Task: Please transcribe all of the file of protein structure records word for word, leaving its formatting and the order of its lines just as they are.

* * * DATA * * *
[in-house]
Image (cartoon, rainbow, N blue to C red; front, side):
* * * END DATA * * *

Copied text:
[in-house]
Image (cartoon, rainbow, N blue to C red; front, side):